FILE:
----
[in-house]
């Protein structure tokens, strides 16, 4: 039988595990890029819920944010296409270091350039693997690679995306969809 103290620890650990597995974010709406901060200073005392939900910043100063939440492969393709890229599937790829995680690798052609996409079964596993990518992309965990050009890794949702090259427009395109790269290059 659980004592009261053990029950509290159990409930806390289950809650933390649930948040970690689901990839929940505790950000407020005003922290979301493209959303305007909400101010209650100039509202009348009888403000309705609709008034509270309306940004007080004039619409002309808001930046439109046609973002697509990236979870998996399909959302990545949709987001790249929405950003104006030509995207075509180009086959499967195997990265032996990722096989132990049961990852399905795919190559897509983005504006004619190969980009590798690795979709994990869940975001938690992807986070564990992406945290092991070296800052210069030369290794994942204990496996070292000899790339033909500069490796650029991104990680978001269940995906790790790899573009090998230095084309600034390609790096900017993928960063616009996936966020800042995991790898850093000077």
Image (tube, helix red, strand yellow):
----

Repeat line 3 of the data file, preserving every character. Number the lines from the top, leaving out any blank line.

Image (tube, helix red, strand yellow):